Gilang Fradika (b. 1988, Indonesia) graduated from UNY (Yogyakarta State University), Department of Fine Arts, with a major in Graphic Arts in 2012. Upon graduation, he worked as a cook and taught at a grade school in Yogyakarta. After leaving these jobs, he decided to focus on his art practice, and take part in a printmaking collective with a focus on the printmaking technique of etching. Now, Gilang works mostly with two-dimensional surfaces, particularly in painting and etching. His works are a combination and deformation of objects (flora, fauna, and humans) to create surrealistic figures and start conversations about modern issues. He has previously exhibited in several projects, including A long way and secret garden at DGTMB versus project in Yogyakarta, Pameran POSKAD SG50 in Gillman Barracks, Singapore, and most recently in ART|JOG|10, Yogyakarta. Gilang lives and works in Yogyakarta, Indonesia.
Heri Dono (b. 1960, Indonesia) is known for incorporating elements of traditional Indonesian art forms into his work, including aesthetic conventions of wayang kulit shadow puppetry. Having studied under a professional wayang master, Dono fusees the idioms of indigenous storytelling with contemporary methods of expression. The vibrant aesthetics and popular appeal of Dono's practice is synchronous with its engagement with political concerns as the artist's personal experience of the former Suharto regime profoundly influenced his works' underlying societalcritique. As one ofIndonesia's foremost contemporaryartists, Heri Dono's prestigious career over the past three decades has won widespread international acclaim, such as when he represented the Indonesian Pavilion during the 56th Venice Biennale in 2015, as well as the recent major exposition of Southeast Asian art Sunshower at the Mori Art Musuem and National Art Center, Tokyo. His accolades include the Prince Claus Fund Award (1998), the Unesco Prize (2000) and Anugerah Adhikarya Rupa (Arts Award) from the Indonesian Government (2014). His works are in the collections of Tropen museum, National Gallery of Australia, Fukuoka Art Museum, and Deutsche Guggenheim Frankfurt, amongst many others. Heri lives and works in Yogyakarta, Indonesia.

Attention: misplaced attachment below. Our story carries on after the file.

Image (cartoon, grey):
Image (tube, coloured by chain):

indieguerillas (b. 1975- Miko, 1977- Santi, Indonesia) is an artist duet from Yogyakarta, Indonesia, made of husband and wife Dyatmiko Lancur Bawono and Santi Ariestyowanti. Founded in 1999 as a graphic design firm, indieguerillas's philosophy of 'constantly in guerrilla to find new possibilities' has led them to become full-time artists in 2007. Nevertheless, design still plays a very important role as it allows for them to explore the use of unconventional media and techniques as part of their artistic statement. In addition to their proficiency at visual effects and inter-media experimentation, their works are also recognized for its folklore influences. The unique intertwine between traditional values and contemporary culture has brought indieguerillas to numerous important exhibitions, including their collaboration with fashion designer Lulu Lutfi Labibi and sound artist Ari Wulu, which will be presented by NTU CCA Singapore in January 2017. indieguerillas lives and works in Yogyakarta, Indonesia.